The Bikes of Mad Max

You know it, you love and, if you’re like us, you can probably recite the entire film verbatim.  The movie, Mad Max and it’s a classic.  It’s hard to believe that the film came out in 1979 and when it hit the theaters, it was just another low-budget Australian film dumped onto screen, and a weird one at that day.  Mad Max instantly became a cult classic as well as one of the most profitable films ever made and George Miller went on to direct Babe, but that’s another list…

The dystopian actioner starred a young – and not yet crazy – Mel Gibson as a police officer out for revenge against a biker gang for the murder of his partner, wife and son. While Gibson carries the film pretty damn well (it’s only his fourth film role ever) we’d like to think the real stars were the cars and motorcycles that raced, crashed and blew up on their way through one of the best movies ever made…

One of the most recognizable motorcycles from the film is Jim “Goose” Rains’ KZ1000 Kwaka, a 1977 Kawasaki KZ1000. The future-retro fairings were made by La Parisienne, a Melbourne based company that unfortunately went out of business a few years after the film was released. La Parisienne also modified 13 other KZ1000s for the film’s antagonist group, the Toecutter’s gang, which were played by members of a local Victoria-based motorcycle club, the Vigilanties.

Goose’s KZ1000 had a cafe racer appeal and aesthetic, which is probably why its popularity hasn’t waned even after so many years, with fans creating replicas to this day and a Whitehouse, a Japanese company, was creating movie accurate replicas as recently as 2002.

After Goose injures his leg, he’s seen at the police station riding a 1976 Kawasaki KH250, also known as one of the Kawasaki Triples due to its 3-cylinder, 2-stroke engine. The Triples ranged in displacement from 250 cc to 750 cc. The KH series ended its U.S. production run in 1976, but continued on in Europe and elsewhere until around 1980.

The Road Warrior: Better than the original?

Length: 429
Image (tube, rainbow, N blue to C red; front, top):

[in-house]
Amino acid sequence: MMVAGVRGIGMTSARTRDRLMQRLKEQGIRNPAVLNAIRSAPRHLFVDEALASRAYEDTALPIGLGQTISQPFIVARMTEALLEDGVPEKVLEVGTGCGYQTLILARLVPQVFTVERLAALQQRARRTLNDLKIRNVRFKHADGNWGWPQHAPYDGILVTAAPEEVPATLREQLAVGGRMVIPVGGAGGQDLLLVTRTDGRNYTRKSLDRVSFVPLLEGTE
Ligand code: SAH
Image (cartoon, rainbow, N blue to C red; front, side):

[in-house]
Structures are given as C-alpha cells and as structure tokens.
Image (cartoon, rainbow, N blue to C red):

Some may like the sequel more than the original – and we’re sure it will inspire a flame war all over the comments and on social media –  but when Mad Max 2: The Road Warrior was released in 1981, both the film and the vehicle designs were a lot more punk and comic book inspired, essentially kicking off a genre and style that would become it’s very own pop culture meme.

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Wez, the main villain in The Road Warrior had some of the oddest and sweetest bikes of the films. He rode a Kawasaki Z-1 900 or 1000 that was dressed up with a Craig Vetter fairing to look like a post-apocalyptic 1981 Suzuki Katana, which was actually new at the time. The bike has a turbo kit, a belly pan and what looks to be a sheep for the seat. It also rolled on Henry Abe wheels, which were popular aftermarket wheels during the ‘70s and ‘80s.

Wez also wreaks havoc in a Yamaha XS 1100 E sidecar that was modified to become a standing platform. The sidecar originally belonged to Allan Levinson from Sydney, Australia who had listed it for sale in 1981 because he couldn’t get used to how it rode alongside his Yamaha 650 Special. A props buyer for The Road Warrior purchased the sidecar, removed the fiberglass body and fitted a metal platform.

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The third film – and one we can all agree was the weakest link in the series – Mad Max Beyond Thunderdome was released in 1985, but the film really didn’t feature any awesome motorcycles or sweet cars like the past films. As the title indicates, most of the action takes place inside a large jungle gym style arena called the Thunderdome and featured a character Blaster, whom we’re told, has the mind of a child.

Tom-Hardy-as-Max-in-Mad-Max-Fury-Road

Which brings up to the the new film in the works, 2015’s Mad Max: Fury Road, which stars Tom Hardy and Charlize Theron. Some teaser photos online already hint at some pretty damn cool vehicle designs, and we really hope that it stays true to the series first two film’s gritty roots and gives us some awesome Road Warrior-style action.

The Mad Max films have inspired numerous fan clubs and Road Warrior themed activities to this day and almost single-handedly shaped the post-apocalyptic genre. The vehicle designs were iconic and unforgettable and the action scenes were some of the most unapologetically aggressive sequences to grace the big screen.

Source: RideApart

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